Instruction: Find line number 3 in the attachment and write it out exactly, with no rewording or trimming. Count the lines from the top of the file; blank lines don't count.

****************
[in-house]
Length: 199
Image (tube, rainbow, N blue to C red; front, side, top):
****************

Image (tube, rainbow, N blue to C red; front, side, top):